Getting the World into Poems


by Rae Armantrout
Wesleyan University Press, 121 pp., $22.95; $14.95 (paper)
Joel Meyerowitz/Cincinnati Art Museum
Joel Meyerowitz: Dairy Land, Provincetown, 1976; chromogenic print from Starburst: Color Photography in America 1970–1980, with essays by Kevin Moore, James Crump, and Leo Rubinfien, just published by Hatje Cantz. The exhibition was organized by the Cincinnati Art Museum and will be on view at the Princeton University Art Museum, July 10–September 26, 2010.


John Koethe was born in San Diego, California, in 1945. He is not only a fine poet, but also a professor of philosophy and the author of a book on Wittgenstein’s thought and another called Scepticism, Knowledge, and Forms of Reasoning. The best introduction to his work is North Point North: New and Selected Poems, published in 2002. Reviewers inevitably compare him to Wallace Stevens because both are supposedly fond of philosophizing abstractly. There’s no question that he occasionally sounds like the older poet, as we can readily see in these lines from a poem called “Songs of the Valley”:

And the face of winter gazes on the August day
That spans the gap between the unseen and the seen.
The academies of delight seem colder now,
The chancellors of a single thought
Distracted by inchoate swarms of feelings
Streaming like collegians through the hollow colonnades.

The difference is that Koethe examines ideas in a far more autobiographical way. He tells us about his life and his feelings with a directness that Stevens would never have allowed himself. In a recent essay, “Poetry and Truth,” Koethe says that he considers poetry basically an elevated form of talking to oneself. “And now it seems like years and years ago,” he writes in a poem called “The Narrow Way,” “I started, out of a perverse curiosity/This imaginary conversation on the border between my self/And the unimaginable pith or emptiness within.” For him, what poems do is attempt to convey the experience of an individual consciousness as it tries to make sense of its own existence. Thinking is an important part of it, but the poems he writes are not dry and abstract. They are in the long tradition of the Romantic lyric in which typically some experience or mood summons back an older memory upon which the poem then quietly deliberates.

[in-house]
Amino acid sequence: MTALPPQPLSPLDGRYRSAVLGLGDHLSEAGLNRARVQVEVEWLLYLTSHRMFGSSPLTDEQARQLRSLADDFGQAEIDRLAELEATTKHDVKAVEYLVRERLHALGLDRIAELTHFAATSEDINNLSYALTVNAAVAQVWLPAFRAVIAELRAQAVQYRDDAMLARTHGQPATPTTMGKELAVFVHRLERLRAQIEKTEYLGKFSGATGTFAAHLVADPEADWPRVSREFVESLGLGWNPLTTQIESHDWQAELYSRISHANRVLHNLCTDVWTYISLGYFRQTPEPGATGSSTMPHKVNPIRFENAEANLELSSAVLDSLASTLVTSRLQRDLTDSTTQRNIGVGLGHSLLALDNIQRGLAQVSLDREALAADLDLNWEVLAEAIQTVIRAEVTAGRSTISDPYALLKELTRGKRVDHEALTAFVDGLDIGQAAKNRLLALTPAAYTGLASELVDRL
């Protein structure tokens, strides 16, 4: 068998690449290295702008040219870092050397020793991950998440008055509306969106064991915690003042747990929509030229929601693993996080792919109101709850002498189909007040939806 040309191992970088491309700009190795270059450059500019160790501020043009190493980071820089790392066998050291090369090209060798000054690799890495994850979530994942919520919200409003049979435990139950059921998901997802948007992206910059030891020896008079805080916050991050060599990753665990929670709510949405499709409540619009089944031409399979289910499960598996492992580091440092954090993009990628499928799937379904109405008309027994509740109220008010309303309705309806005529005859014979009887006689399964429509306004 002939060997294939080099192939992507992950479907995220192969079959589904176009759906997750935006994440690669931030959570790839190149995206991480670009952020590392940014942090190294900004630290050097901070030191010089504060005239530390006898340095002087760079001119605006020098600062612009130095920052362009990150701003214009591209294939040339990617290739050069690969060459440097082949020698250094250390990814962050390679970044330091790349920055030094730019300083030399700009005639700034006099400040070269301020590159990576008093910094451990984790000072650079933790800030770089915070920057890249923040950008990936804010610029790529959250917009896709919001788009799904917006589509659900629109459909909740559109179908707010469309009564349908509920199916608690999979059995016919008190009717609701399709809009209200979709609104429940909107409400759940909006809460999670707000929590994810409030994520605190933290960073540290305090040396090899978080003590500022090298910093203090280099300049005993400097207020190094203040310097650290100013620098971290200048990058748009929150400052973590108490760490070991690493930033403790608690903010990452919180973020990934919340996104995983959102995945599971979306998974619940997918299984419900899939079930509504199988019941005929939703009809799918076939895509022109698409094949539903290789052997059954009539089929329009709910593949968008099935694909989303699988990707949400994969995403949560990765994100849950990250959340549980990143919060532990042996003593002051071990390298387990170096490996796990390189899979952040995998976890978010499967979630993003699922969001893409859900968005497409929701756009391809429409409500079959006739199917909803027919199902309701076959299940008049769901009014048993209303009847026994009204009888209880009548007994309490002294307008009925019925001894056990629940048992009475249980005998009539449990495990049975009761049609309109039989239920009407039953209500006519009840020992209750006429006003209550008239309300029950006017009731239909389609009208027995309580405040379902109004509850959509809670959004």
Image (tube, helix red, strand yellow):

“Something marvelous is gone,” he writes in a poem. Almost every one of his lengthy, elegiac, and introspective poems has an air of regret and disappointment as they search for a way to recover some moment of complete contentment, “uncontaminated by reflection,” as he says. Koethe compares what he does to poking through the trash for something you threw out by mistake. There are no secrets revealed in his poems. It’s the mystery of small, never-before-remembered events that he is after. Whatever drama or suspense is present in his work comes from the struggle of a mind trying to…

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